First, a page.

Ventura is a quintessential beach town — a little rustic, unpretentious and less frenetic than its counterparts in Orange County or L.A. You’re more likely to spot a vintage VW bus and The Dude wannabes in Ventura than people in suits driving shiny new Mercedes or BMWs.
So it’s no surprise that Ventura is also a thrift shop haven. These are not glamorous stores — many are warehouse-sized with well-worn flooring and scuffed-up walls — but that doesn’t seem to deter the throngs of bargain seekers or treasure hunters out for the ultimate thrift-store prize: something that’s selling for way more on Ebay.
Maybe it’s these high-inflation times but Ventura’s thrift stores are busy even on weekdays — mothers holding sleeping babies, rapidly searching through toddler clothes on borrowed time; preteens critically examining skirts or jeans for stains or (hopefully) rips; a young man in cutoffs trying on button-down shirts in a quest for business casual; and my friends, expert thrifters, jubilantly clutching crystal stemless wine glasses — just $4.50 for 3! — and an exquisitely embroidered $40 silk kimono actually made in Japan!
One of my friends, Leslie, lives in central Washington and dresses primarily in pricy labels she scored for pennies on the dollar at her local Goodwill, like a Patagonia puffer jacket and a Lululemon dress in perfect condition. The trick, she says, is to be patient and browse thrift stores regularly.
It also helps to know the value of what you’re shopping for, says my other friend, Bernie — you don’t want to spend more on a curated used item than you could on something similar at an outlet mall, unless the item is so unique it deserves the extra bucks.
Mostly, this guide is focused on basic thrift stores, the kind that sort through the piles of stuff people donate, give usable things a price and put them on shelves as quickly as they can. Luckily, there are plenty of this kind of store in Ventura, supporting a variety of causes from support for battered women to shelters for abandoned pets.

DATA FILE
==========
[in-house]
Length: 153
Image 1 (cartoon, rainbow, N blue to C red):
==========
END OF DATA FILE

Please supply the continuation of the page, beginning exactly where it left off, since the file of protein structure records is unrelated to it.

And don’t worry about picked-over merchandise. We visited several stores on a recent Wednesday, and the employees were stocking shelves so fast, some items hadn’t even been priced. Meanwhile we could see other employees accepting bagfuls of new donations.
Before we tackle the list, here are a few final notes:
- Ventura has a fair number of consignment stores or vintage shops where used items (usually clothing or furniture) have been carefully curated and priced accordingly higher. There’s still some bargains to be had, but little chance you’ll find a treasure for a couple of bucks.
- Most of the thrift stores are on or near Main Street in Ventura, either downtown or in Mid City.
- Check to make sure your store is open. Many rely on volunteers or limited staff to keep the doors open, so they don’t always keep regular hours and some are open only a few days a week.
- Almost all these stores accept debit cards, but cash is still king when it comes to bargaining.
- Dressing rooms are nonexistent at the big thrift stores but they don’t mind you trying on clothes in the aisles — as long as you keep your own clothes on.
- Even the most rustic thrift store has a special counter or locked bookcase filled with rare finds. They are priced higher than what you’ll find elsewhere in the store but check out the locked cases — you never know what they may contain.
- If you love thrifting, and can visit Ventura on a Wednesday, don’t miss the Wednesday Swap Meet at the Ventura County Fairgrounds. It’s currently closed for the county fair but should restart on Aug. 24, from 7 a.m. to 2 p.m. Admission is $2 and the offerings are extensive — furniture, kitchenware, clothing, musical instruments, toys en masse, comic books …. honestly, if you can imagine it, it’s probably there, with prices ranging from next to nothing to “Are you kidding?” The best stuff goes early, but note that the later it gets in the day, the more willing vendors are to negotiate. They’re mostly a cheerful, welcoming bunch who love to chat with regulars as much as they like to sell.
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